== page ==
All these thoughts about those “old days” came trickling out of me again this morning. There’s never a flood of memories. They leak out of my head, moment by moment, until I am able to cobble together a cohesive recollection. I realize my reconstructed experiences may be inaccurate. But, then, aren’t all memories biased by the experiences of the person having them? Each of us experiences the world from a perspective no one else on Earth shares. So, while our recollections may be correct for us, for others they may be warped or worse.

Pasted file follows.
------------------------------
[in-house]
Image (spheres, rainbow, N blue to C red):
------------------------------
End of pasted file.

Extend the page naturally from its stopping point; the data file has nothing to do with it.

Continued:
Memories are not like photographs. They are more like mixed-media paintings—oils and water colors and textured fabrics on a receptive background. The results may be clear and realistic, almost like a photo, but more often the image is semi-abstract. Either lighter or darker than the original from which the likeness was obtained. And colored by the mood and motives of the artist. There’s a photograph on the credenza above my desk. The image is of all six of my parents’ children on the occasion of a milestone birthday of my oldest brother. If, when I look up at the photo, I let my eyes lose focus, the image looks like a stylized, semi-abstract,  water color painting of my family. My memories of my earlier days are like that painting; soft and imprecise around the edges, colors flowing gently from one sister’s shirt to a brother’s vest to an almost colorless background wall. No matter how long I look at that photograph, a few minutes later I cannot recall all of—even most of—the details. That’s how memories work, I think. We recall only that a snapshot was taken, not what was in it.